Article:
Monday, 28 February 2011

Photographs developed from a found roll of film

From an undeveloped roll of Kodak colour film found inside a Brownie-type of camera. Using Rodinal diluted 1:100, presoaking the film, and then stand developing it for an hour produced usable monochrome negatives from the film. Colour films can be developed with black and white chemicals, as all films contain silver halides which are the light-sensitve element: in colour films these are replaced by dyes in the developing process. As I had no way of knowing how old the film was, and how viable it was for developing in colour chemicals, it made more sense to me to use black & white chemicals to attempt to process the film.
I didn't note down exactly which camera this came from at the time. On the film there are a couple of shots of a girl on a doorstep; the rest of the photographs all suffer from camera shake- there is one shot of the same girl in a back garden, and a two pictures that look like a parade of some sort.

There's something romantic about releasing images that have remained latent on a roll of film for many years. The girl's dress and the domestic architecture date this to any time between the 1960s and early 1980s perhaps.

Sunday, 27 February 2011

Paris Flea Market Finds

From the Porte de Vanves flea market:

Canon 514XL Super-8 cine camera: €20
Kinax green filter: €1
Five expired 126 film cartridges: €1 each

The 126 films are all still sealed; the Kodacolor film has a 'develop before' date of March 1991, the Perutz films have a date of May 1974. Quite possibly a waste of €5, but with 126 film no longer manufactured, I was intrigued to see whether the films might produce images from a Kodak Instamatic camera I have. While event-crewing last summer, I didn't want to take a 'proper' camera on jobs with me, but finding the Instamatic 50 in a drawer with a film in it, I took this. The film was Agfa XRG 200, and trying the fail-safe method of stand developing in Rodinal, a black & white film developer, produced some images.

The Perutz film is more interesting than the Kodacolor: it's a transparency film, although it doesn't use the E6 system of development, the only colour transparency system still available. It was originally process-paid, so inside the box is an envelope for the film and a number of different addresses around the world for Perutz labs which would develop the film, and return the mounted slides.

Perutz 126 Color Transparency film 64 ASA/19 DIN- expiration date May 1974.

What you get in the box:-

Foil wrapped cartridge of 64 ISO colour transparency film, 20 exposures
Process-paid return envelope in 7 different languages
Address label
Instruction leaflet in 7 languages
Leaflet listing Perutz Color Service processors in nine countries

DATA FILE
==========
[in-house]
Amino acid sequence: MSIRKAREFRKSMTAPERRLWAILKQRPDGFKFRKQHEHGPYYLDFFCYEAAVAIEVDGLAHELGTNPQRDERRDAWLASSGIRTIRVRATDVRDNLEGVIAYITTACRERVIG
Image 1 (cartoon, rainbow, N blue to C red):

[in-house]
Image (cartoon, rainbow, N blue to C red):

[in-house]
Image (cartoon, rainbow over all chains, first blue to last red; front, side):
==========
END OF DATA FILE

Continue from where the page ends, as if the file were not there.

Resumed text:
Tuesday, 22 February 2011

In Praise of the Olympus Pen

 The original Olympus Pen was a series of half-frame cameras produced by Olympus between 1959-1983 (the name has recently been revived for its Micro Four-Thirds digital system cameras). The Pen EE3 model came out in 1973 and was produced for a decade. It has a fixed-focus 28mm f1:3.5 Zuiko lens, which equates to 40mm in full-frame 35mm format. Exposure is controlled by a selenium cell meter surrounding the lens that matches aperture to one of two shutter speeds, either 1/40th or 1/200th. ASA (ISO) settings run from 25 to 400, and the camera has a hot shoe and PC socket for use with an external flash. If there is insufficient light, a red indicator appears in the viewfinder, and the shutter won't fire. There isn't much scope for manually overriding the automatic exposure, except by turning the film speed ring away from the ASA settings: there are distance markings from 1 to 4 metres for the dedicated GN14 flash, or aperture numbers for a generic flash. Without a film speed selected, the shutter defaults to 1/40th of a second for flash sync.

When I was at college in the 1990s, with the internet in its infancy, information about different cameras was harder to come by. Much of this simply came from talking to people with more knowledge and experience. A photography tutor at college, Mick Williamson, had been keeping a half-frame photo-diary, and I was inspired by this a few years later when a half-frame camera appeared in the window of the local camera shop. Before Ebay, a decent camera shop would have at most a few dozen secondhand cameras in stock at any one time. It could have been any model of half-frame camera; it happened to be the Olympus Pen EE3. I bought the camera just as I was about to leave college, and it came in useful for documenting the build-up to my end of year show. Using the Pen EE3 then was rather like the way most people use digital cameras today, film felt a lot less precious when one could shoot 72 frames before needing to change the roll. Compact for a film camera, it's small enough to carry around, works without batteries thanks to the selenium meter, and is easy to use: not needing to set exposure controls or focus the lens makes operating the camera simply about framing.

Olympus Pen EE3 sample

Of course, having an image area half that of a conventional 35mm frame does mean that the resultant photographs will have larger grain relative to their size. Set against the smaller frame size however, the Zuiko lens is pretty sharp, and the results are good especially when used with slower, finer grained films. The above image was shot on FP4 film, rated at 200 ISO (I personally like the slightly increased contrast of pushing the film 2/3s of a stop, as well as the extra speed), developed in Rodinal at a dilution of 1:50.